Explained – How long can coronavirus ‘live’ in air, and on steel?

Explained – How long can coronavirus ‘live’ in air, and on steel?

Scientists across the world are still learning about the novel coronavirus, and among the questions they are looking to answer is how long it can survive in different environments. A paper published in the New England Journal of Medicine on Tuesday has come out with new information on the longevity of the virus in the air — and on different surfaces. An understanding of how long the virus survives is crucial to understanding how contagious it could be.

The scientists, affiliated to different laboratories in universities in the United States, found in their experiments that the SARS-CoV-2 virus could survive in air for about three hours, although its ability to infect was severely weakened during this time.

Until now, the virus was believed not to be able to survive in the air. As such, there was little risk of people getting infected through the air. The fact that it does survive in the air, even for a short time, could force scientists and health officials to reassess the risk to people, especially to health workers who spend a lot of time near an infected person.

‘Our results indicate that aerosol (air) transmission of SARS-CoV2 is plausible, since the virus can remain viable and infectious in aerosols for hours…,’ the study says.

Strongest on plastic and steel

The new study also finds that plastic and stainless steel surfaces are the most conducive for the virus to survive. The virus was found to be ‘viable’ for as long as three days on these surfaces. On cardboard surfaces, the virus could survive for up to 24 hours, while on copper, it could barely last for four hours.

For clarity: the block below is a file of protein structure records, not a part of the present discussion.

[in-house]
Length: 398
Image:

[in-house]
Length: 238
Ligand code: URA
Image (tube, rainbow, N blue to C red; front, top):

The longevity on each of these surfaces has implications for the kinds of things that people can be advised to come in contact with, or avoid. For example, during times of extended isolation, or forced homestays, people are likely to interact more with cardboard boxes while getting food and other products shipped to their residence. The fact that the virus does not survive beyond 24 hours on these surfaces might reduce worries on this front.

But there is a lot more to learn

The scientists said the survivability of the SARS-CoV-2 virus on these surfaces was not drastically different from that of the SARS-CoV-1 virus, which had a similar but less deadly outbreak in mainly Asian countries in 2003. Therefore, they conclude that the reason for the much greater spread of SARS-CoV-2, as compared to the 2003 virus, ‘could arise from other factors (not any difference in their life spans), including high viral loads in the upper respiratory tract and the potential for persons infected with the SARS-CoV2 to shed and transmit the virus while (remaining) asymptomatic (without showing any symptoms of the disease)’.

However, the latest findings may not be conclusive yet. Several similar studies have been done in the last few weeks, and more are ongoing. A study published in The Journal of Hospital Infection in February, for example, had surveyed the results of 22 earlier studies on different kinds of coronaviruses. It had found that coronaviruses had the ability to survive between two and nine days on different dry surfaces such as metal, paper, glass, plastic, and wood. That study was not specific to SARS-CoV-2, the coronavirus behind the current pandemic. That study concluded that since no specific therapy was available for SARS-CoV-2, ‘early containment and prevention of further spread’ was the most crucial step in controlling its spread.

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